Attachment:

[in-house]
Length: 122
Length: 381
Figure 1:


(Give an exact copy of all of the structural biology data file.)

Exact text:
[in-house]
Length: 122
Length: 381
Figure 1: